Why We Should Draw More (and Photograph Less) – Free Ebook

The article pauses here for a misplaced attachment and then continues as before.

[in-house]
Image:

Whenever something looks interesting, beautiful there’s a natural impulse to want to capture and preserve it, which means in this day and age that we will likely to reach for our phones and take picture. Though this might seem like an ideal solution, there is a big problem associated with it. We’re likely to be so busy taking the pictures we forget to look at the world whose beauty and interest prompted us to take a photograph in the first place. These problems seem to be very much of today a consequence of the tiny phones in our pockets. But, they would notice right in at beginning of the history of photography when the average camera was the size of a grandfather clock. The first person to notice them was the english art critic John Ruskin He was very impressed by cameras at first, but gradually he grew very suspicious of them believing they blinded us of our surroundings To try to correct this blindness Ruskin recommended that all of us take up drawing not with the view to becoming great artists but simply because through the act of trying to recreate on paper what we see in the world we studied it in a way we never do when we simply take a photograph Summing up what he attempted to do in four years of teaching and writing manuals on drawing Ruskin wrote: “Let two persons go out for a walk;” “the one a good sketcher, the other having no taste of the kind.” “Let them go down a green lane.” “There will be a great difference in the scene as perceived by the two individuals.” “The one will see a lane and trees; he will perceive the trees to be green,” “though he will think nothing about it;” “he will see that the sun shines, and that it has a cheerful effect,” “and that’s all.” “But what will the sketcher see?” “His eye is accustomed to search into the cause of beauty,” “and penetrate the minutest parts of loveliness.” “He looks up, and observes how the showery and subdivided sunshine” “comes sprinkled down among the gleaming leaves overhead,” “till the air is filled with an emerald light,” “he would see here and there a bough is seen emerging from the veil of leaves,” “he would see the jewel brightness of the emerald moss,” “and the variegated and fantastic lichens, ” “white and blue, purple and red, ” “all mellowed and mingled into a single garment of beauty.” “Then come the cavernous trunks, and the twisted roots” “that grasp with their snake-like coils at the steep bank, ” “whose turfy slope is inlaid with flowers of a thousand dyes.” “Is not this worth seeing?” “Yet if you are not a sketcher you will pass along the green lane,” “and when you come home again, have nothing to say or to think about it,” “but that you went down such and such a lane.”

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